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June 12, 2006

Nokia makes the mobile 'a full member of the internet'

From the register...

Nokia may be the most unlikely convert to the open internet model, but it is becoming one of the most enthusiastic.

Fresh from placing key aspects of its Series 60 software architecture, including the all-important mobile browser, into the open source process, it has now ported the Linux-based Apache web server, which powers many of the world's websites, to its Symbian Series 60 platform.

The Finnish giant claims this makes "the mobile phone a full member of the internet" – a statement of considerable significance, showing how far Nokia is reaching beyond its traditional world of cellcos, where open access to the net from the phone is proving ruinous to the business model.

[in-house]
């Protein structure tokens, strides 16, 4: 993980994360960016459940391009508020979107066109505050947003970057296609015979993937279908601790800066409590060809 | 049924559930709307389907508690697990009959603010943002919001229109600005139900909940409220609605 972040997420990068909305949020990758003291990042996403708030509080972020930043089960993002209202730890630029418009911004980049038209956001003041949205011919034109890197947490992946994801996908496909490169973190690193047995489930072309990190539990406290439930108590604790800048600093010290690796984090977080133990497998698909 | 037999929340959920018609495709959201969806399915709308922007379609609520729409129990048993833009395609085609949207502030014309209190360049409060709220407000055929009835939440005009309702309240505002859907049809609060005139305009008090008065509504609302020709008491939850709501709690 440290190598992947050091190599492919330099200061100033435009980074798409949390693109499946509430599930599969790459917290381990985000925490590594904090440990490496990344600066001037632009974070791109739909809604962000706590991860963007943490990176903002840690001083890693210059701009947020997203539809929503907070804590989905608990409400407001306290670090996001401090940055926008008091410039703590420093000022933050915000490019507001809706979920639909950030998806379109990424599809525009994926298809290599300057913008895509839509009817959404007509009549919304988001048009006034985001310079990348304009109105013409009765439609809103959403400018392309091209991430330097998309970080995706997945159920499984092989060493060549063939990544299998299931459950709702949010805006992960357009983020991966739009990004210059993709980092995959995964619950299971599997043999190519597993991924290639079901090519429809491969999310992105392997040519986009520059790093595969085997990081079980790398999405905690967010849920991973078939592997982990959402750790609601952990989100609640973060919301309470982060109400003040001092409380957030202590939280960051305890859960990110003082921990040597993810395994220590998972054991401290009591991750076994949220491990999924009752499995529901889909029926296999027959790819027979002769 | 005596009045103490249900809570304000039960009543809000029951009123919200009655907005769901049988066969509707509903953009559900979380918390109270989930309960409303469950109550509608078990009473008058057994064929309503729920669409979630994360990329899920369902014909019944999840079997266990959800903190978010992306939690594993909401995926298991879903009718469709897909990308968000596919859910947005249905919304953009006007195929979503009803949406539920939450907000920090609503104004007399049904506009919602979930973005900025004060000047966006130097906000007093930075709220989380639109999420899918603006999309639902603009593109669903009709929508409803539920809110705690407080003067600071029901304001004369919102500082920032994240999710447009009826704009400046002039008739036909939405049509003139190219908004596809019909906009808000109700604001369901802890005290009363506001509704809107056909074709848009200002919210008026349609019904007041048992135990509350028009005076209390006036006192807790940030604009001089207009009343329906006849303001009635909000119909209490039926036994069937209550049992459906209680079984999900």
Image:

Nokia spotted earlier than any of its rivals that the walled gardens of the cellular operators would not stay intact for long, especially in the market it is targeting most aggressively, the mobile enterprise.

For its next generation high end devices – which the company now refuses to refer to any longer as "cellphones" – to compete with notebooks and become the norm for business access, they needed to offer an internet experience as unfettered, simple and user friendly as that of the PC. This meant adopting, or improving on, the key aspects of that platform – simple user interface, choice of radio links to support the fastest and cheapest connections, IP support, unrestricted web access, and increasingly, open source software options.

(Link - the register)

Have you ever tried entering an ip address or domain name into a cellphone using the current input system? I'll stick with my computer if I want to cruise the internet.

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